400 pages | 175 Color Illus. | 8 B/W Illus.
Throughout this important volume, the author underscores two vital themes: one, that visual presentation of slavery in England and America has been utterly dishonest to its subject, and the other a meditation on whether the ruptures of the slave experience - middle passage, bondage, and torture -- can be adequately represented and remembered.
"…Wood has produced an original and highly nuanced study that fills many gaps in our understanding of how the West grappled with racial ideologies and the problem of slavery." -- The Journal of American History
"Wood has produced a text grounded in impressive research and driven forward by provocative and convincing theoretical interpretations. . Wood's argument is developed with an unwavering sense of purpose. Not only does he yield an exciting and readable text, but his success indicates how any number of different studies might contribute to the understanding of slavery and its representation in equally rich and distinct ways." -- CAA.reviews: www.caareviews.org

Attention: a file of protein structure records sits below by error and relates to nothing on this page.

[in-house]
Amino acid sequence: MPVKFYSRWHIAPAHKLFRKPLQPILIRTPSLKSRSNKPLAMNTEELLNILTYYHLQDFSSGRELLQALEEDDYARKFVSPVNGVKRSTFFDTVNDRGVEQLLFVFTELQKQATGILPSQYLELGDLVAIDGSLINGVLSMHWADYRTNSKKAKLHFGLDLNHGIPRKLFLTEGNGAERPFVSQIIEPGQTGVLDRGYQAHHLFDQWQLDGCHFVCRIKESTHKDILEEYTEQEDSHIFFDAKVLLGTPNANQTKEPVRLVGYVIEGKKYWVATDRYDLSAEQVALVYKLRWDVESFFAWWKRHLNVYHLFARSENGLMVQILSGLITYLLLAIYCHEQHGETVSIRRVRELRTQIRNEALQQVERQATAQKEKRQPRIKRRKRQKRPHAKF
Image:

"This is an erudite yet remarkably engaging examination of the visual representation of slavery…An excellent bibliography further enhances this work. Very highly recommended for academic collections." -- Library Journal
"A masterpiece.the scope of the work and the quality of its execution are nothing short of breathtaking." -- Adam Ashforth, City University of New York